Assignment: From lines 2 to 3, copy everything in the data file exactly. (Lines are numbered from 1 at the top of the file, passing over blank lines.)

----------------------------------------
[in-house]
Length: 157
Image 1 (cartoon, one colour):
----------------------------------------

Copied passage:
Length: 157
Image 1 (cartoon, one colour):